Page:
Open source – it’s a phrase for some that conjures images of the software equivalent to hippie communes in Vermont sharing in the fruits and labor of their co-op-grown organic kale. But if that’s really how you see open source, get over it. This is where the world is going, and the proof is in the proverbial pudding.
GitHub, the ubiquitous open-source development tool, is growing faster than anyone could have predicted, including its founders. If you aren’t familiar, take a few minutes to read up. What they’ve created is an environment where software developers everywhere can share their projects, ask for help with obstacles, and pull down publicly available plug-and-play code to avoid time-consuming foundational rework. But it’s more than that.
GitHub is fostering the reality of lean startups, and ultimately, small business growth. What used to take three engineers to develop from scratch can now be done by one engineer in an open source environment. Budding companies can work longer with less, facing fewer funding obstacles than ever before.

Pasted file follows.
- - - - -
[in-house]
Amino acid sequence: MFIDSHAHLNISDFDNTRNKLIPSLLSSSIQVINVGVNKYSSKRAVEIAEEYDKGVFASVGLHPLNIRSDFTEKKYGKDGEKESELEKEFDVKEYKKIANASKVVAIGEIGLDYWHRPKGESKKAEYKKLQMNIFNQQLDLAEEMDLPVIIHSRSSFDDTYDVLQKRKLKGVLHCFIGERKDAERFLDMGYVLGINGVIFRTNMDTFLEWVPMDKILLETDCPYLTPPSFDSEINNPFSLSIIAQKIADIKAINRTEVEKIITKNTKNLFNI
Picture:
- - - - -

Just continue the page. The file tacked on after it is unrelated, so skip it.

The point is this – why hasn’t this already caught on in the world of product design? To be clear, this is not an opportunity for solipsistic soapboxing; it is a legitimate question to anyone with insight.
Quirky has certainly opened the door to the idea of open sourced product design, but to create the same kind of pervasive GitHub-esque tool that CAD users can utilize may take an industry-wide change in consciousness.
Fast forward three years and the reality could be a garage-based engineer accessing publicly available frameworks, and rapidly prototyping with a desktop 3-D printer, pushing high-end product design towards the lean movement by an order of magnitude.
Maybe you don’t care about changing the model, but money speaks volumes. Considering GitHub’s valuation is closing in on a billion – is open source product development the next digital gold rush?